I don't think it makes any difference.
I don't think it makes any difference.
Sounds good. But a few important questions for EWYLTJ &
1.) HonkingAntelope: What exactly is the 30 Questions defense? I googled for it and couldn't find any relevent (I think) guides/lists named "30 Questions Defense". For Ticket #2, I have been literally going to court in person AND calling every other day but the court keeps saying that their "Imaging" is backed up and while we (me and the officer) turned in a declaration they are 'not in the system' yet. I am getting a bit un-easy on this since my trial is on July 1st 2010 and I STILL do not have a copy of the declaration. I also heard that me not getting a officers decleration [upon request] is also not grounds for trial-dismissal if I am not an attorney. How come I have deadlines and they don't? Should I just extend my trial date close to my existing trial if I do not have the officers declaration?
2.) EWYLTJ: Regarding the officer brining a speed survey: You say it must be "Certified" --- what does this mean? Does it need to be signed by someone? (CalTrans? D.A? Public Works ? like some sort of a "Seal" ?)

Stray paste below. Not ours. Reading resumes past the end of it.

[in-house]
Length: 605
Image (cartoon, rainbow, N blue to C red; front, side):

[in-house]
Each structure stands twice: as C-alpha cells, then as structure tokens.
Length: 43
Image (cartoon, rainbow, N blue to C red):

http://helpigotaticket.com/speed/30questions.html. Obviously you'll have to tune the questions somewhat to the circumstances of your case, but the idea of this line of questioning is to cross-examine the officers in a way that shows your speed didn't really endanger anybody or anything. If you get lucky, the officer will testify that he just pulled your over for your speed, and you should move for dismissal at that point for insufficient evidence.
As for not getting the copy of the officer's declaration, have you already served the informal discovery request (with the ofc's decl. being one of the requested items) on the citing agency/court/DA's office? It's getting awfully late for this, but file it ASAP if you haven't already.
For what it's worth, see if you can get a continuance for the TDN date. If you have to see the judge for that, do so and argue that you need a continuance because the "imaging department" and the court is denying you access to documents you have a constitutional right to see and, furthermore, documents that are vital to to planning your defense. VC22350 is a violation that involves a subjective judgment from an officer, and your case would be prejudiced if you weren't allowed access to the document that describes the officer's cause for issuing the citation. Scheduling a formal deposition is a normal process for the more serious cases, but I can't imagine any appelate court ruling that this should be the case for speeding infractions as well.